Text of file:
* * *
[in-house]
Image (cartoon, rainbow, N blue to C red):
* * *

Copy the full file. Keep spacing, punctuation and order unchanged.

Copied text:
[in-house]
Image (cartoon, rainbow, N blue to C red):